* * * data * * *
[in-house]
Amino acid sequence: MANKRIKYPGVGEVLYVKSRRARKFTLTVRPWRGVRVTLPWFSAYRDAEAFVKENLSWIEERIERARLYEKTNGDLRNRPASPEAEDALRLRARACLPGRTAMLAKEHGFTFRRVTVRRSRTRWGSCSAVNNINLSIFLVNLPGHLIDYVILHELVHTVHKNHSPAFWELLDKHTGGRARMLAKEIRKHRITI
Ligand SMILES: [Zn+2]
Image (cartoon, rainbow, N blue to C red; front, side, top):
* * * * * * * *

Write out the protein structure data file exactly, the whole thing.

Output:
[in-house]
Amino acid sequence: MANKRIKYPGVGEVLYVKSRRARKFTLTVRPWRGVRVTLPWFSAYRDAEAFVKENLSWIEERIERARLYEKTNGDLRNRPASPEAEDALRLRARACLPGRTAMLAKEHGFTFRRVTVRRSRTRWGSCSAVNNINLSIFLVNLPGHLIDYVILHELVHTVHKNHSPAFWELLDKHTGGRARMLAKEIRKHRITI
Ligand SMILES: [Zn+2]
Image (cartoon, rainbow, N blue to C red; front, side, top):